The Green Market Transition
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The Green Market Transition

Carbon Taxes, Energy Subsidies and Smart Instrument Mixes

Edited by Stefan E. Weishaar, Larry Kreiser, Janet E. Milne, Hope Ashiabor and Michael Mehling

The Paris Agreement’s key objective is the strengthening of the global response to climate change by transitioning the world to an increasingly green economy. In this book, environmental tax and climate law experts examine carbon taxes energy subsidies, and support schemes for carbon and energy policies. Chapters reflect on the underlying policy dynamics and the constraints of various fiscal measures, and consider the harmonisation of smart instrument mixes.
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Chapter 11: Why are green fiscal policies such a small part of green economic policies? Evidence from three European countries

Geert Woltjer, Marius Hasenheit, Vasileios Rizos, Igor Taranic and Cristian Stroia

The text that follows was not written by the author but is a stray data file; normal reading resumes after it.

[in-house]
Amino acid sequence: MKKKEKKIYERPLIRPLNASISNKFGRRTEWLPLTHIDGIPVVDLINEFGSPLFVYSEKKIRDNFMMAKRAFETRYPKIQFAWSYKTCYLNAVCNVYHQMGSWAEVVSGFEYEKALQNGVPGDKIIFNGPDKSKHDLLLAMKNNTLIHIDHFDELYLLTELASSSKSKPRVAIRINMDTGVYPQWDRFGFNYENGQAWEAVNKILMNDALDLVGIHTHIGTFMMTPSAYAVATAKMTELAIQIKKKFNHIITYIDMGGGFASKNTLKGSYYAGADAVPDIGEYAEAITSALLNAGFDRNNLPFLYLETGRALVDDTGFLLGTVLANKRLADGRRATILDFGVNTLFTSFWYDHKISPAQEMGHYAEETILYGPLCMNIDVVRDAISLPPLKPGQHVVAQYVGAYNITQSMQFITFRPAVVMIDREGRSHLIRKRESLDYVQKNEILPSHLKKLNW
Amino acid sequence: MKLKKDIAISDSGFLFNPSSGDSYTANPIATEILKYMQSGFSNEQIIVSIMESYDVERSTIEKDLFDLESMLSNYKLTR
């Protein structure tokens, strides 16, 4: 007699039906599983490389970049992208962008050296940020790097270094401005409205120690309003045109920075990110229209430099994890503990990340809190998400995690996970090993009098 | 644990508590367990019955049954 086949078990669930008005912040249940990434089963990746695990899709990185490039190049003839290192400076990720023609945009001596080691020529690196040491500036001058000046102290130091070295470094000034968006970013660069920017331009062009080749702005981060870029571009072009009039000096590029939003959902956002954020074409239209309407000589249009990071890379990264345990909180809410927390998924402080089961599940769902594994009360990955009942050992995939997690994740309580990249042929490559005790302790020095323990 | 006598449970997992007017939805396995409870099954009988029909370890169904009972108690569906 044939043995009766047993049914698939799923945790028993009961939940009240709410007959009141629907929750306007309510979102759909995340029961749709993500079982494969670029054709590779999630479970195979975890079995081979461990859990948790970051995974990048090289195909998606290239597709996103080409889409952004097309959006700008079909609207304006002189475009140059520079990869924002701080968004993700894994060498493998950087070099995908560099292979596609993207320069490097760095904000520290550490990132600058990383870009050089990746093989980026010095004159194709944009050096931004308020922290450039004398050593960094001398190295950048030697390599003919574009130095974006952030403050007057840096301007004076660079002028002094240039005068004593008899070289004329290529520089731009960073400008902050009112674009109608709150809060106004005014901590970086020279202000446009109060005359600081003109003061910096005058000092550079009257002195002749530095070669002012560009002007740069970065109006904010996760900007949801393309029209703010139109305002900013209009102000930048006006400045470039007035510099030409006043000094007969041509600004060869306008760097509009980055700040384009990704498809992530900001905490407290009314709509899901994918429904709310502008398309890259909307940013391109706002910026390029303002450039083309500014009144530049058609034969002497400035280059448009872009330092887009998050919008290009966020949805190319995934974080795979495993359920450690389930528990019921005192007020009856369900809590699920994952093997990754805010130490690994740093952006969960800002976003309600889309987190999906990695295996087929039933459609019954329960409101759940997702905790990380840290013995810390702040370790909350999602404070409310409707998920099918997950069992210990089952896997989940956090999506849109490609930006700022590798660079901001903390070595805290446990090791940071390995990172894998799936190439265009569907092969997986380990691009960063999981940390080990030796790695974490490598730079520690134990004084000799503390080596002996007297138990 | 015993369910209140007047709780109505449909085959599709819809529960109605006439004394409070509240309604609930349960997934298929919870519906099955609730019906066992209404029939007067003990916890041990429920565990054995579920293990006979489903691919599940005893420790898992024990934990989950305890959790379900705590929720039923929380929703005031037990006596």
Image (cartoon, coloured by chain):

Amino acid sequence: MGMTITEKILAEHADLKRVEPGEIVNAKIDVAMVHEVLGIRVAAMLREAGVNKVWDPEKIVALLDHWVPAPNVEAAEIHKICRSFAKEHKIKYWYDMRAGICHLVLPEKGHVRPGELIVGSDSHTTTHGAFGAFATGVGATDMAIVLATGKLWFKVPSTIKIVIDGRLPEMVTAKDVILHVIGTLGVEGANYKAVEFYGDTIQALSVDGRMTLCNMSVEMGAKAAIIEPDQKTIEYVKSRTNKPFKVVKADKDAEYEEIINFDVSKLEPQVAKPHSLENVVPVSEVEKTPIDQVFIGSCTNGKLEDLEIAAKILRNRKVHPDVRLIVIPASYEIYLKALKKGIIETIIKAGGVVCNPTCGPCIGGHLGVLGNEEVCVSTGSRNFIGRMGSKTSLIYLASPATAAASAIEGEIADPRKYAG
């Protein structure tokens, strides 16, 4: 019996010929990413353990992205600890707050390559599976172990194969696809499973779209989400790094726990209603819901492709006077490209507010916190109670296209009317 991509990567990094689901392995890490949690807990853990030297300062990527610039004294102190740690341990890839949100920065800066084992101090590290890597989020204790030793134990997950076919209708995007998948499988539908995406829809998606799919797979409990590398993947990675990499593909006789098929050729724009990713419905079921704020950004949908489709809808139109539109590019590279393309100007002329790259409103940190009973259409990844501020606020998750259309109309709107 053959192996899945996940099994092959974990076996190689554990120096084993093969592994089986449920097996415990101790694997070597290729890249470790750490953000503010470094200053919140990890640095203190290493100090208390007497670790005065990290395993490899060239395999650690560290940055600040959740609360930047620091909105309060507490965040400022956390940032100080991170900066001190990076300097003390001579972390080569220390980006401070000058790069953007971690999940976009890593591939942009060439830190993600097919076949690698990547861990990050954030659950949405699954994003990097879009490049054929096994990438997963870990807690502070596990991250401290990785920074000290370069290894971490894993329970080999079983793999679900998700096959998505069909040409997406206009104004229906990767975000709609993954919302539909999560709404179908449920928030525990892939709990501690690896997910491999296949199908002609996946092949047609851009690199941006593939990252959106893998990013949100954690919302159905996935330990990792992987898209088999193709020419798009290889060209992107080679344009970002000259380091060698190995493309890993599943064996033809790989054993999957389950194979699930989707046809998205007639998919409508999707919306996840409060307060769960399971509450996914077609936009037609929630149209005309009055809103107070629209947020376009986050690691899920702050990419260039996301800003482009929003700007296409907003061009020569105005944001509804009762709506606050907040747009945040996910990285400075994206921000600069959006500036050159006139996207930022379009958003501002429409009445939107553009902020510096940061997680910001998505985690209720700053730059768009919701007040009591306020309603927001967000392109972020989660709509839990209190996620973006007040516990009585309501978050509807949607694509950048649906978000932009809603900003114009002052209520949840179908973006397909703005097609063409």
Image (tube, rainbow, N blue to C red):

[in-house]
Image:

One of the fundamental causes of environmental and resource use problems are unpriced scarcity and perverse subsidies. The logical solution seems to be to correct perverse subsidies and to price goods that were unpriced through taxes or otherwise. These measures would also improve the government budget that may be used to reduce distorting taxes and invest in the green economy or for social purposes. In practice the adjustment process of taxes and subsidies is very slow, while at the same time a large number of policies for greening the economy would have been much cheaper and more effective if prices were right. Why is there so much resistance to do what seems to be logical from an economic point of view? This chapter attempts to answer these questions by analysing green taxation policies and discussions in the Netherlands, Germany and the UK as well as by comparing the dynamics in these countries. One conclusion is that we have to be very careful with indicators like the share of environmental taxes in the GDP, because classification is not consistent and because the taxes may not give incentives for greening the economy. In all three countries, the tax on energy has many exemptions that are sometimes used as a reward for making green agreements with governments. Third, coal in electricity production kept its privileges in Germany and the Netherlands in exchange for an agreement, while the UK introduced carbon taxes for coal, in practice forcing companies to close down coal-based electricity production. International competiveness, distributional issues and fear for stranded assets seem to be the main drivers against the consistent use of green taxation. Other issues are the administrative burden, enforcement problems and perception on the effectiveness of taxes. In cases where environmental taxes are explicitly related to labour tax reductions, people are generally not aware of this. In many cases the environmental taxes are relatively complex, such as for example in the UK where it is almost impossible to calculate the final tax people pay on energy use. Designing a lucid and consistent tax system is therefore crucial. A large number of exemptions does not fit into this. The European Emission trading scheme (ETS) creates an extra problem for green taxation, because a reduction in pollution in one country will be offset by more pollution in another country, except when the excess quota is taken out of the market.

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